unintentional change to a table

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IAmTheRealSpartacus
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Posts: 9
Joined: Mon Nov 07, 2011 8:08 pm

unintentional change to a table

Post by IAmTheRealSpartacus » Sun Dec 04, 2011 1:03 pm

Hi,

I'm trying to do the following thing.

I have a table, say

Code: Select all

  set = { { name = "gold",    amount = 10   },
          { name = "silver",  amount = 100  } }
Now I wrote a function that can add values to it from a similar set, like such:

Code: Select all

function addSet(setToBeAdded, s)

  local setToBeReturned = s

  for k1, v1 in ipairs(setToBeAdded) do
    for k2, v2 in ipairs(setToBeReturned) do
      if v1.name == v2.name then
        v2.amount = v2.amount + v1.amount
      end
    end
  end

  return setToBeReturned
end
The problem is that, even though I'm adding values to the table 'setToBeReturned', the new values show up in the original table, 'set', even though I explicitly tell the function to copy the values from the original table into the table 'setToBeReturned'. This gives problems in the next program, where I'm telling Lua to stop substracting from the main table if one of the values is zero. It recognizes that but still keeps on substracting. what am I doing wrong? (instructions: run code and press spacebar 11 times to see the amount of gold go negative)

Code: Select all

local set = {}
local success

function love.load()

  set = { { name = "gold",    amount = 10   },
          { name = "silver",  amount = 100  } }

  success = true

end

function love.draw()

  for k, v in ipairs(set) do
    love.graphics.print(v.amount, 0, k * 20)
  end

  if success == true then love.graphics.print("can substract", 100, 0)
  else love.graphics.print("cannot substract", 100, 0)
  end

end

function love.keypressed(key, unicode)

  -- when spacebar is pressed...
	if unicode == 32 then

    --add increment to set and store result in newSet
    increment = { { name = "gold", amount = -1} }
		newSet = addSet(increment, set)

    --check if none of the values are negative
    success = true

    for k, v in ipairs(newSet) do
      if v.amount < 0 then
        success = false
      end
    end

    --if none of the values are negative, copy newSet into set
    if success == true then set = newSet end

	end

	if key == "q" or key == "escape" then
		love.event.push("q")
	end

end


function addSet(setToBeAdded, s)

  local setToBeReturned = s

  for k1, v1 in ipairs(setToBeAdded) do
    for k2, v2 in ipairs(setToBeReturned) do
      if v1.name == v2.name then
        v2.amount = v2.amount + v1.amount
      end
    end
  end

  return setToBeReturned
end

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Robin
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Re: unintentional change to a table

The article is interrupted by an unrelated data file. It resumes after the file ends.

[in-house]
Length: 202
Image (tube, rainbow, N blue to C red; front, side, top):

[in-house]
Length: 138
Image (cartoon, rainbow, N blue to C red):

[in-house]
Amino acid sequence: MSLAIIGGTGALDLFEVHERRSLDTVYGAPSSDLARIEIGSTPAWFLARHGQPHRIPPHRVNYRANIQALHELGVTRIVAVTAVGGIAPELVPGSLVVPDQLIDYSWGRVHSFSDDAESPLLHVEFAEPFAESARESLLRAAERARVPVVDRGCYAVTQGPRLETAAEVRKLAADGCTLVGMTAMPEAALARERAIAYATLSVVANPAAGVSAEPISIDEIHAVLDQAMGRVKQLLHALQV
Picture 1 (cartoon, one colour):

Post by Robin » Sun Dec 04, 2011 6:23 pm

IAmTheRealSpartacus wrote:The problem is that, even though I'm adding values to the table 'setToBeReturned', the new values show up in the original table, 'set', even though I explicitly tell the function to copy the values from the original table into the table 'setToBeReturned'.
No, you don't copy anything. Lua never copies anything. a = b means "a points to whatever b points to", not "the value of b is copied and put in a".

This might be what you want:

Code: Select all

function addSet(setToBeAdded, s)

  local setToBeReturned = {}

  for k, v in ipairs(s) do
     setToBeReturned[k] = {v.name, v.amount}
  end
  for k1, v1 in ipairs(setToBeAdded) do
    for k2, v2 in ipairs(setToBeReturned) do
      if v1.name == v2.name then
        v2.amount = v2.amount + v1.amount
      end
    end
  end

  return setToBeReturned
end
This is still not an optimal solution, though.

EDIT:
This should make it O(n) instead of O(n^2):

Code: Select all

function addSet(setToBeAdded, s)
  local temp = {}
  local setToBeReturned = {}

  for k, v in ipairs(s) do
     temp[v.name] = v.amount
  end
  for k, v in ipairs(setToBeAdded) do
    temp[v.name] = temp[v.name] + v.amount -- you can add a check to see if it exists in temp if you want
  end

  for k, v in pairs(temp) do
    setToBeReturned[#setToBeReturned+1] = {name = k, amount = v}
  end
  return setToBeReturned
end
Note it does not preserve order, though. (So the items may be shuffled.)
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rhezalouis
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Posts: 100
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Location: Indonesia
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Re: unintentional change to a table

Post by rhezalouis » Sun Dec 04, 2011 6:36 pm

Hi TheRealSpartacus,

First, you might want to change your data structure (or how you define this set in Lua) because you actually could use the item names (i.e. strings) as the key for your table instead of storing it inside the table.
So, instead of using this array:
IAmTheRealSpartacus wrote:

Code: Select all

set = { { name = "gold",    amount = 10   },
        { name = "silver",  amount = 100  } }
your set would be better if defined like this hash table (single value per entry):

Code: Select all

tAmount = {
  gold = 10;
  silver = 100;
}
tPrice = {